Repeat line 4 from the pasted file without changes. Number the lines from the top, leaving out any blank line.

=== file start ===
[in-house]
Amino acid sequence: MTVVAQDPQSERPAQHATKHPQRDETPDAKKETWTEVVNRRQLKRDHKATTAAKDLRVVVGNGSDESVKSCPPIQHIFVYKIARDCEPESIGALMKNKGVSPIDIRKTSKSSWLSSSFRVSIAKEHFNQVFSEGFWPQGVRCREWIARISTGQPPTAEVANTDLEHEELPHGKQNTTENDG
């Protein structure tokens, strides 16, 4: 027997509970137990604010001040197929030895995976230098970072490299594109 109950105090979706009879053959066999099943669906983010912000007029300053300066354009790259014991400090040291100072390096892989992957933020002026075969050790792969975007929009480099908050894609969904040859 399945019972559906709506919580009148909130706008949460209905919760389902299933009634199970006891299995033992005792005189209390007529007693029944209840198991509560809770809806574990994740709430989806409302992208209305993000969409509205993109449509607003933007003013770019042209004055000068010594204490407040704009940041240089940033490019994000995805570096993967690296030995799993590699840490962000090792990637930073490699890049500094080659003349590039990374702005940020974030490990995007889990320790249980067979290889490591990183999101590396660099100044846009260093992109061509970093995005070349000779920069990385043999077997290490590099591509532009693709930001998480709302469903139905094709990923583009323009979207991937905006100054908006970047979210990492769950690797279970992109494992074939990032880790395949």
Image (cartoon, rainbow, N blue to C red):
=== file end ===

Image (cartoon, rainbow, N blue to C red):